Jack Kerouac is best known through the image he put forth in autobiographical novels. Yet only his private journals, in which he catalogued his innermost feelings, that reveal to us the real Kerouac —his true, honest deep philosophical self.
In Windblown World, distinguished historian Douglas Brinkley has gathered together a selection of journal entries from the most pivotal period of Kerouac’s intrepid life, beginning in 1947 when he was twenty-five years old and ending in 1954. Truly a self-portrait of the artist as a young man, these journals show a sensitive soul charting his own progress as a writer and responding to his most important literary forebears, which include Dostoevsky, Tolstoy, Spengler, Joyce, Twain, and Thomas Wolfe. Here is Kerouac as a hungry young writer struggling to perfect and finish his first novel, The Town and the City, while forging crucial friendships with Allen Ginsberg, William S. Burroughs, and Neal Cassady. The Journals go on to tell of the events that would eventually be immortalized in On The Road, as Kerouac travels through every region of the country and slowly cultivates his idea for a jazz novel. The peripatetic Kerouac’s lifelong devotion to mystical catholicism and his tremendous love of “the essential and everlasting America” abound in these confessional pages, as do his brooding melancholy, his youthful doubts and chronic fears, and his overriding conviction that there would soon be a “great new evolution of the soul.”
As Brinkley notes in his introduction, Windblown World, “offers riveting proof of Kerouac’s deep desire to become a great and enduring American Novelist. Brimming with youthful innocence and the coming-of-age struggle to make sense out of a sinful world, these pages reveal an earnest artist trying to discover his authentic voice.”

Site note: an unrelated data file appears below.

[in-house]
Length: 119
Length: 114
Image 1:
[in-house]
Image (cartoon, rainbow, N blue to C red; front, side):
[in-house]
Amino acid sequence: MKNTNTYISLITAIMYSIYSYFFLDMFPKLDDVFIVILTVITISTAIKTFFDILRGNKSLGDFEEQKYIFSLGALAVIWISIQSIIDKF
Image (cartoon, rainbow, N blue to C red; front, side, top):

“Powerful winds that crack the boughs of November! — and the bright calm, sun untouched by the furies of the earth, abandoning the earth to darkness, and wild forlornness, and night, as men shiver in their coats and hurry home. And then the lights of home glowing in those desolate deeps. There are the stars, though! High and sparkling in a spiritual firmament. We will walk in the windsweeps, gloating in the envelopment of ourselves, seeking the sudden grinning intelligence of humanity below these abysmal beauties. Now the roaring midnight, fury and the creaking of our hinges and windows, now the winter, now the understanding of the earth and our being on it: this drama of enigmas the double depths and sorrow and grave joys, these human things in the elemental vastness of the windblown world.”
— Jack Kerouac journal entry November 12, 1947
Jack Kerouac was born in Lowell, Massachusetts, in 1922 and died in St. Petersburg Florida, in 1969. His many books include the novels On the Road, The Dharma Bums, Visions of Cody, The Subterraneans, and Big Sur.
Douglas Brinkley is Stephen E. Ambrose Professor of History and Director of the Eisenhower Center for American Studies at the University of New Orleans. He is the award-winning author of fourteen books, including The Unfinished Presidency: Jimmy Carter’s Journey Beyond the White House; Wheels for the World; Henry Ford, His Company, and a Century of Progress; and Tour of Duty: John Kerry and the Vietnam War. He lives in New Orleans.
April 4th, 2006
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Praise for Windblown World:
“The Kerouac journals remind me of a time, not all that long ago, when there were still a few people passionately responsive to writing. They are now extinct.” — Kurt Vonnegut
“Doug Brinkley’s gift of Windblown World is a must for anyone who has an interest in Kerouac and the Beats, of course. But more than that, it is for all of us who are curious about a time when innocence was still a possibility. Reading Kerouac’s thoughts, hopes and dreams brings us back to the important things in life: living, loving, breathing, truth, thinking, hoping, caring, dreaming, laughing, and moving always forward.” — Johnny Depp
“Jack Kerouac really did America. It was already there but it was dry. He went out and found water where there wasn’t any.” — Ed Ruscha